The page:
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Sulphur-eating bacteria limit acid run-off and CO2

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Using two beamlines at the Canadian Light Source (CLS) and a third at the Advanced Light Source (ALS), researchers from McMaster University have found that two species of bacteria isolated from a mine tailings pond in northern Ontario actually work together to limit the amount of acid produced by sharing the sulphur in the tailings as an energy source.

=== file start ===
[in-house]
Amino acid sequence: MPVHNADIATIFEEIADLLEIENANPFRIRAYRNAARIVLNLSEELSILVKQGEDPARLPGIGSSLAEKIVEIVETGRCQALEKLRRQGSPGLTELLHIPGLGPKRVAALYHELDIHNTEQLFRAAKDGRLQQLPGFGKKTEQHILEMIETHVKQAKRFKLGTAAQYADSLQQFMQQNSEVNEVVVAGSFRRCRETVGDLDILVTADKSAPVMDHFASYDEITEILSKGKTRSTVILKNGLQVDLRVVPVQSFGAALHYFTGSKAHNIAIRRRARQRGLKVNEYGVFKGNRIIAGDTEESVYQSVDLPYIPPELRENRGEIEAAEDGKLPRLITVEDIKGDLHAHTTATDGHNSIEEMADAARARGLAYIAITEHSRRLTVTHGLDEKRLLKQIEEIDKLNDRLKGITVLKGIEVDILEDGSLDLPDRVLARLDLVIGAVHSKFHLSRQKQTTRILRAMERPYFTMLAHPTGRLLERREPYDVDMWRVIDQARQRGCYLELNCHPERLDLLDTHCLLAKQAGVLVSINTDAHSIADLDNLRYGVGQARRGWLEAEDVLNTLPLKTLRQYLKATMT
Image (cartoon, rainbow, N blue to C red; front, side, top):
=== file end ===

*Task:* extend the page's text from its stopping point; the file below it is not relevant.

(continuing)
The discovery, made by Ph.D. student Kelsey Norlund and her advisor Lesley Warren with the help of veteran synchrotron researcher Adam Hitchcock, not only demonstrates how bacteria can modify their environment, but could also lead to a rethink of the amount of atmospheric carbon produced by acid weathering that is included in global models by as much as 26 million tonnes.

“Before this work, our understanding of how this system operates was based largely on chemical models of water quality in these tailings ponds; things like the sulphur chemistry and pH,” explains Warren. “Everyone knew that bacteria were there and playing a role, but that role was not well described beyond broad brushstrokes.”
 
 

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